Sustainable Marine delivers first ‘grid-compliant’ floating tidal power system in Canada
Sustainable Marine has delivered Canada’s first ‘grid-compliant’ floating tidal energy system, ushering in a fresh dawn for the nation’s marine renewable energy ambitions.
The landmark achievement follows several months of intense activity in the Bay of Fundy by Sustainable Marine’s Canadian, British and German team, supported by an international network of supply chain partners.
After laying a 1 km underwater cable in late January, the firm subsequently connected its PLAT-I 6.4 tidal energy system to a purpose-built substation, located on the shores of Grand Passage.
Final inspections were conducted by Canada’s QPS Evaluation Services, who issued the SPE 1000 Field Approval – which enables the tidal platform to supply power to the grid under a demonstration permit issued by the Province of Nova Scotia.
Energization is expected in the coming weeks, according to the Sustainable Marine.
Jason Hayman, the company’s CEO, said: “Harnessing the huge potential of in-stream tidal energy in the Bay of Fundy has long been considered a moonshot, but we’re now firmly on the launchpad and ready for lift-off.
“It’s taken many years of testing, development and demonstration to refine the technology and understand how best to capture and convert tidal energy. But the moment has now arrived.
“Sustainable Marine’s next-gen platform is grid-connected and set to energize. We are grateful to all partners who have contributed to this immense international effort, and to the many stakeholders across Nova Scotia who are supporting our mission to provide a greener, cleaner and healthier future for island and coastal communities.”
As Sustainable Marine bids to become the first floating tidal energy developer to power homes, businesses and industry across the east Atlantic seaboard, Nova Scotia has doubled-down on its net-zero commitments, accelerating the phase-out of coal-fired electricity by ten years, to 2030.
PLAT-I 6.4 will eventually be relocated to the Fundy Ocean Research Centre for Energy (FORCE) demonstration site in the Minas Passage and form part of the world’s first floating tidal energy array, in the ‘Pempa’q Project’.
Environmental monitoring for highly energetic sites
The current deployment in Grand Passage will also be used to test a multi-sensor Environmental Monitoring System (EMS) located on board PLAT-I 6.4, linking underwater cameras, hydrophones, echosounders and acoustic fish tag receivers.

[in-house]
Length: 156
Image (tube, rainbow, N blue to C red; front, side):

The system provides live-streamed data to record marine life in the vicinity of the platform. The aim is to demonstrate that a monitoring system can work in these highly energetic environments when visibility is reduced, such as during hours of darkness, or in turbid waters.
Sustainable Marine said it expects that the EMS will help prove that its pioneering PLAT-I 6.4 system offers an ultra-low environmental impact energy generation solution.
Its modular design and retractable turbines, which rise above water level, allow for easy on-site access, and maintenance, and can be easily upgraded as this rapidly growing sector develops. Meanwhile, the streamlined structure is securely moored in the channel with plenty of space around it to facilitate the unrestricted passage of marine life and vessels.
Sustainable Marine initially developed and tested the technology in Scotland, and is continuing to invest in local capacity building and knowledge transfer.
Leading industry experts like Orkney’s Green Marine have supported the platform installation, cable lay, and offshore connection operations using Sustainable Marine’s own Tidal Pioneer (pictured) – said to be the most advanced small construction vessel operating in Atlantic Canada.
The Tidal Pioneer’s advanced capabilities, including dynamic positioning and a 4-point mooring system significantly mitigates the challenges working in strong tidal streams, according to Sustainable Marine, allowing the vessel to remain moored on site throughout the tidal cycle, while it performs a wide range of tasks including mooring and cable installation and connections using its two cranes and extensive suite of deck hardware.
The operations were also supported by a number of local service providers including Huntley’s Sub-Aqua Construction, Gr8Dane Marine Services, Black & McDonald, and Strum Engineering.
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